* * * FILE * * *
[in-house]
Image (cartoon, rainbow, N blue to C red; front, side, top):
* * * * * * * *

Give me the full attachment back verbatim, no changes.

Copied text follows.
[in-house]
Image (cartoon, rainbow, N blue to C red; front, side, top):